The upside to this has been a whole world of clothing choices that are open to me now. I've always stayed away from fitted dresses and pencil skirts because they just don't fit me in stores, but amazingly, the first straight skirt I made for myself fit like a dream! All of the sudden, I realize there are so many styles out there that might actually work for my body now that I can tailor them according to my measurements. I can't tell you what this has done for my confidence in clothing. :)

    While I know there are some negative nellies in the sewing community, it seems as though the vast majority of people are lovely and supportive, much more so than the fashion and design world, or so it seems.

  • The Cupcake Goddess

    Thanks for these fabulous thoughts on sewing! I'm a home seamstress and I love to sew so much. I love being able to fit and sew for the issues I have with my body. I feel like a millions dollars when I get it right and I have a beautiful garment that will last me a long time and will be classic and chic for years to come.
    As a side note, I simply cannot believe that Sarai of Colette Patterns would be getting negative comments about the models she used for her latest line of sewing patterns. They are gorgeous and the way they modeled the patterns are lovely. After all the work that goes into a huge project like that I can't believe that someone would actually have the audacity to minimize it in any negative way. That is so sad. She has gorgeous patterns and they are wonderful to sew with. I highly recommend them and their beauty to anyone!
    Wonderful guest blog!

  • ninaluna99

    Thank you Gertie! I'm attracted to sewing for many of the same reasons – looking to fit and accentuate the good parts of an actual body and wanting clothes with more womanly/vintage silhouettes.

    Unfortunately I'm at the sewing level where my garments still fit a little wonky. (I can't walk too fast today or my skirt will ride up.) And I still lie to myself when taking my measurements…

    Until I can get Tim Gunn over for a tutorial, I'm following Gertie and hoping she'll show me the way!

    And thank you for showing the tattoos!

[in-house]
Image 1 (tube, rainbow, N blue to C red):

• a little sewing on the side

    I sew for the love of sewing. And if I didn't sew, I would be stuck wearing an ill-fitting Lands' End wardrobe.

    Learning how my body is shaped and accepting my own body is one part of the equation. Deciding what I want to wear (exercising my creative muscle) is another big part. The other piece is actually making the garment. All of this comes together in a wonderful process that has done wonders for my self confidence.

  • spottedroo

    Like Gertie, I've had a mixed experience with sewing and body image. When I first started sewing (a little over a year ago) it made me feel *great* about my body. Being able to produce garments with the perfect fit, color, and style was so rewarding. Without the constant tug off ill-fitting pants to remind me that I wasn't a standard shape I thought much less about my body and consequently felt great. As I continued to sew, read, and post, however, I found the constant looking at images and thinking about fit became unhealthy. If I didn't get much response to a garment I wondered if the problem was my figure. I like to show my garments on me, since that's who they were designed for, but posting a picture of yourself can be nerve-wracking and make you feel very exposed. (Especially for someone who is generally shy and not particularly fashion-conscious.) The other day I reminded myself in a post that I feel best when I dress in an outfit that is most explicitly *not* about trying to look good for other people. I still love to sew but it is not a cure-all. The best way for me to feel good about my body is to feel good about myself as a whole.